The Indo-Asiatic Origin of Gas, The Ancient Egyptian Name for the Wild Sugar Cane (Saccharum Spontaneum L.)

Abstract

This

article establishes unprecedented connections between the Ancient Egyptian term GAS, usually translated as 'rush' and 'reed' with various cognates in different Indian languages qualifying the Kans grass (Saccharum spontaneum). Hence confirming the link made by Loret in 1904 between GAS and that very species, as well as presenting a clear case of a late plant transhumance eastwards to Egypt as the centre of origin of the Kans grass is clearly identified by botanists as being Indo-Asiatic. The article ends by questioning the reasons of the arrival of the Kans grass in Egypt nearly two millenia before its related species, the sugar cane (Saccharum officinarum).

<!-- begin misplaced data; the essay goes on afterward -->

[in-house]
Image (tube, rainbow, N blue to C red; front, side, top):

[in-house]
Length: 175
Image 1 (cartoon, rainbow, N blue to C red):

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de Vartavan, C., (2014) “The Indo-Asiatic Origin of Gas, The Ancient Egyptian Name for the Wild Sugar Cane (Saccharum Spontaneum L.)”, Journal of Ancient Egyptian Interconnections 6(2), p.62-64. doi: https://doi.org/10.2458/azu_jaei_v06i2_de_vartavan2

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Christian de Vartavan (Yerevan State University, Armenia)

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